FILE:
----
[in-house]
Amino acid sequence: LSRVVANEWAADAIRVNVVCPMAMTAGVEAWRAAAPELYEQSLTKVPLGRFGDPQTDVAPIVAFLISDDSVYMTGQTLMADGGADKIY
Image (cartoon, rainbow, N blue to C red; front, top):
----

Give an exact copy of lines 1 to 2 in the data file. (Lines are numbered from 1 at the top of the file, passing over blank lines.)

[in-house]
Amino acid sequence: LSRVVANEWAADAIRVNVVCPMAMTAGVEAWRAAAPELYEQSLTKVPLGRFGDPQTDVAPIVAFLISDDSVYMTGQTLMADGGADKIY